Tuesday, October 3, 2017

October 3, 1906 -- Chicago White Sox Take American League Title

October 3, 1906 – The Chicago Daily Tribune decrees in its lead on this date, “Chicago is the baseball center of the earth.”  [Chicago Daily Tribune, October 4, 1906] “Since last night a combination pennant pole, marking the site of Chicago has served as the earth’s axis, and around it something less than 2,000,000 maddened baseball fans are dancing a carmagnole of victory, while in every other city in the American and National leagues there is woe.”  After the New York Yankees lose to the Philadelphia Athletics, the city realizes that the magic number has been reached, and the White Sox have clinched the American League pennant.  In one week the team will meet its crosstown rival, the Chicago Cubs, in the World Series.  At the end of July the White Sox were mired in sixth place.   The paper observes that, despite the hopelessness of the situation, “People who cannot understand how the White Sox can win pennants should have visited the American league park and seen Comiskey and Jones working with their bunch of mediocre material, trying to make them into a pennant winning team.  Now Comiskey has a theory that team play will beat individual ability.  He was teaching his team the points.”  After finishing the season with a team batting average of .230, the worst in the American League, the White Sox defeat the Cubs in the World Series in six games.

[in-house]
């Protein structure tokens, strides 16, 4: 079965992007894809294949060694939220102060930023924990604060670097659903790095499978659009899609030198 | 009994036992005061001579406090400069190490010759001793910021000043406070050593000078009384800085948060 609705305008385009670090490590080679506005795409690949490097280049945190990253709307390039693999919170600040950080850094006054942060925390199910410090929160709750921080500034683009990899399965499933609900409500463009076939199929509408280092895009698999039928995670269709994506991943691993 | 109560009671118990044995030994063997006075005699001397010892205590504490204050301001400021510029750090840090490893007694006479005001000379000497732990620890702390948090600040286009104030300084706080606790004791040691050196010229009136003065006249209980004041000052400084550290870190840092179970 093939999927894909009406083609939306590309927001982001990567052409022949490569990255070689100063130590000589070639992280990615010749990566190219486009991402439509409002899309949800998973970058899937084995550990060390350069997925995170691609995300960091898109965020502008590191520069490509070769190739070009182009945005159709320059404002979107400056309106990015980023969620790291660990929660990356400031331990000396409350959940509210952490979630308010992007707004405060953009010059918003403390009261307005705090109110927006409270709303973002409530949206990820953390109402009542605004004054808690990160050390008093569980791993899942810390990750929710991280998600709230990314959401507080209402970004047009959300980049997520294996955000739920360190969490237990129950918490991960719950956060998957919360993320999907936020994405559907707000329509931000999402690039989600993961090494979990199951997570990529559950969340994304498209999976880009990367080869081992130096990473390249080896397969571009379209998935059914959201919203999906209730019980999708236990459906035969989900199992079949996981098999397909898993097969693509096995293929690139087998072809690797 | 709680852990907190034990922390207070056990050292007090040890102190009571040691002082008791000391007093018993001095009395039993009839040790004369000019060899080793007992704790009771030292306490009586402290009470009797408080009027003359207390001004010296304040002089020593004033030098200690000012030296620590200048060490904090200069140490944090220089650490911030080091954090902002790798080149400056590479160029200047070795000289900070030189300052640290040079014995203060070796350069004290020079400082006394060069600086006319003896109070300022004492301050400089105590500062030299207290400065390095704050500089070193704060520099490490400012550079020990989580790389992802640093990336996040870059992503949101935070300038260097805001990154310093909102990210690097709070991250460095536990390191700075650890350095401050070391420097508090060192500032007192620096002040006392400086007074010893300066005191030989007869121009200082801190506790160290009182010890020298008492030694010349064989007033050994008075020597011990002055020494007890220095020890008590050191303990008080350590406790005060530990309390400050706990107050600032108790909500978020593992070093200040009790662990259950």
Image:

October 3, 1885 – On this date the Chicago Daily Tribune reports on a letter that the Chief Librarian of the city has sent to the Chairman of the Council Committee on Buildings.  The letter provides detail about the location of the city’s first library, housed in a converted water tank on Dearborn Street, just east of today's Rookery Building.  Mr. Poole, the librarian, urges the temporary removal of the library to the new City Hall, just up the street on Washington Boulevard, citing the grave risk of the city’s entire collection of books being destroyed by fire.  The present location of the library is "overcrowded already, many valuable books being in consequence stored in out-of-the-way corners for want of a place to put them.”  The library has four floors and no elevator.  On the fourth floor is a newspaper reading room of 3,292 square feet, a periodical reading room with 2,307 square feet, and a room for patent books and documents continuing 2,503 square feet.  The floor below contains the main collection in 16,324 square feet of space.  Since the collection of the library is increasing by 10,000 volumes a year and the threat of fire can not be ignored in a city that burned to the ground just 14 years earlier, Librarian Poole is a bit distressed that he hasnot received an answer from Alderman Mahony, to whom he had directed the letter.  The book room of the "water tank library" can be seen in the engraving above.

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